Here’s what’s in the near future: 6:30 tonight at district HQ, a “community workshop … to consult with the public, present information and listen to concerns and ideas.” 9:30 Saturday morning, same thing, but it’s at the Filipino Community Center; 3-5 pm Saturday afternoon, West Seattle school-board rep Steve Sundquist will be at the Delridge Library for another informal gathering like this one last week; next Tuesday, a 6 pm district meeting at Arbor Heights Elementary, which hits during a 4 pm board workshop just added last night, to work through new information and potentially shape “final recommendations.” Most of those events – and other ones ahead – are on this district webpage, along with the e-mail address for feedback:

11 Replies to "Video: Arbor Heights parents make their case to the school board"

  • Eric B December 4, 2008 (6:30 am)

    Thanks again Tracy for your amazing coverage!

  • TFP December 4, 2008 (10:07 am)

    Thanks for the coverage.

    The vacant Fairmont Park school seems like a good home for Pathfinder too.

    Closing Arbor heights gives me no confidence in the Seattle Schools; I don’t want to commit my kids to a neighborhood school, just to have it closed because it is in the south end.

  • Eric B December 4, 2008 (10:37 am)

    TFP, unfortunately the Fairmont Park building only holds 295 students. Pathfinder has 397. One of the problems is that because this problem was allowed to fester for so long, Pathfinder has grown to the point that very few buildings can fit the program. As more and more people choose Pathfinder K-8, the number of buildings it can be moved into becomes fewer and fewer. (BTW, the capacity of every building is listed on the SPS website.)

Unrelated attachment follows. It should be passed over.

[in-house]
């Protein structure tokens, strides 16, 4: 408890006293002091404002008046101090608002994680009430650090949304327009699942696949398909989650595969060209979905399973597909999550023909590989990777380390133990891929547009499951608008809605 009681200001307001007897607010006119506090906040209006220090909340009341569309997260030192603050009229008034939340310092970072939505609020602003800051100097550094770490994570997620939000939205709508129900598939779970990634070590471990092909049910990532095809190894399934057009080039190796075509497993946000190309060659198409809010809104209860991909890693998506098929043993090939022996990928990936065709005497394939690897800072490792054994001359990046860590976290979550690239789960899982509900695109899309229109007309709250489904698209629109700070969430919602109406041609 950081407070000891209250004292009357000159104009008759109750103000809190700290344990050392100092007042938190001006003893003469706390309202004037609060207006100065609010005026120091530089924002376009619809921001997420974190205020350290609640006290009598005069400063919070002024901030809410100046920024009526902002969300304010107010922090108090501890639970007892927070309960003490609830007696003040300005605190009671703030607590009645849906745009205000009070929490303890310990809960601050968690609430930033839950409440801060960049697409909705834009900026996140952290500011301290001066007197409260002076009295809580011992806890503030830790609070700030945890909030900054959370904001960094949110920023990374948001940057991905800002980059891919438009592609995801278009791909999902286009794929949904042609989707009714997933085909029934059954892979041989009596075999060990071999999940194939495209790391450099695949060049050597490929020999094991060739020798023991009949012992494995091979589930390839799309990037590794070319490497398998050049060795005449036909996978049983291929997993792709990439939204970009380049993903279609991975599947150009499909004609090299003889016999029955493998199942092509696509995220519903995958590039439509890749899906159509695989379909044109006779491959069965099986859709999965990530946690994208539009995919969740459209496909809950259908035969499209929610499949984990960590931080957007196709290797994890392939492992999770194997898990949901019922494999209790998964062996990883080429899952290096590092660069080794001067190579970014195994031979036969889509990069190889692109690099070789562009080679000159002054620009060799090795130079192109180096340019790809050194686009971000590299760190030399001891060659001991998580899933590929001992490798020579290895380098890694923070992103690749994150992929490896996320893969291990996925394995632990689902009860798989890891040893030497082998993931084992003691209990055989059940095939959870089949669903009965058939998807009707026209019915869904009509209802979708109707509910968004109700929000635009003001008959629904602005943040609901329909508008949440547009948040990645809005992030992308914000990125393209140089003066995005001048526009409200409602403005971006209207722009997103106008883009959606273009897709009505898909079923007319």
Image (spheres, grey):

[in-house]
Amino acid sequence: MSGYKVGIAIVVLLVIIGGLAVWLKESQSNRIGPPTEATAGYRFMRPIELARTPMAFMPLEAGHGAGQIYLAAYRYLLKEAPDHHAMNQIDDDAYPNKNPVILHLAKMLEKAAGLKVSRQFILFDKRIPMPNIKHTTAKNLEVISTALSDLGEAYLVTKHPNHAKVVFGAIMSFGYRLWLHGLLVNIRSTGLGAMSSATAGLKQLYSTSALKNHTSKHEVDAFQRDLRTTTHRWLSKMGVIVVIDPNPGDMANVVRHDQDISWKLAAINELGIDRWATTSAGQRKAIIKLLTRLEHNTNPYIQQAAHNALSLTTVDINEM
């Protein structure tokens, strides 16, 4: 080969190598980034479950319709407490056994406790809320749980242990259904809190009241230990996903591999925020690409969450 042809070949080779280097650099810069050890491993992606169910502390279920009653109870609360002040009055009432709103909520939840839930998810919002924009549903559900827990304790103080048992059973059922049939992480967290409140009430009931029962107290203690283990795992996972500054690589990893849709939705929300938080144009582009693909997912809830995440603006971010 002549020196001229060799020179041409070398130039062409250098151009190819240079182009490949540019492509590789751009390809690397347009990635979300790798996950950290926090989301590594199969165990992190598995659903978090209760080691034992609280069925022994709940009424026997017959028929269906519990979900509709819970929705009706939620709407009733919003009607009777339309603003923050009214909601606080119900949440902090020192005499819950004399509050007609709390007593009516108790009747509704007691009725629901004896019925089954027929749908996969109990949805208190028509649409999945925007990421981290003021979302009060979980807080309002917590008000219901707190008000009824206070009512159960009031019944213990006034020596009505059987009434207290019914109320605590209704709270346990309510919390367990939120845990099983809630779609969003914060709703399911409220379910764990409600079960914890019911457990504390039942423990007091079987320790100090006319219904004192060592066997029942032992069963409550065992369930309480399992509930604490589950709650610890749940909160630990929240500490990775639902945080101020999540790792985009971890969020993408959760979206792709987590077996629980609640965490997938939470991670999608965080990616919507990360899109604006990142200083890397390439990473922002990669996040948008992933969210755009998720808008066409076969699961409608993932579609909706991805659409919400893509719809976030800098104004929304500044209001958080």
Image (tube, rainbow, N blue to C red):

• Faith Coulson December 4, 2008 (5:03 pm)

    It is incredible that the school board would even consider for one moment bussing the children at Arbor Heights out to five different schools. This is a community school; the children have close friendships formed; the parents are all involved in the PTA and everyone in the neighborhood contributes to the well being of the school by helping with fundraising, activities; helping with children of working mothers after school; it is a close knit neighborhood. Surely the children in the alternative school can be bussed to different locations until such time as a school is built for them to return to. This is like taking someone’s home from them because someone else’s home is in such total disrepair it can no longer be lived in and giving it to the people who live in the former. My grandchildren attend Arbor Heights. I think this is unconscionable.